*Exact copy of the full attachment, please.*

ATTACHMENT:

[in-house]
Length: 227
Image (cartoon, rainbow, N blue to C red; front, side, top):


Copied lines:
[in-house]
Length: 227
Image (cartoon, rainbow, N blue to C red; front, side, top):